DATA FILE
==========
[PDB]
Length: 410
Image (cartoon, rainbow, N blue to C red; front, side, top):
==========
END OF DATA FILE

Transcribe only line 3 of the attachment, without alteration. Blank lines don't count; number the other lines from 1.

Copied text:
Image (cartoon, rainbow, N blue to C red; front, side, top):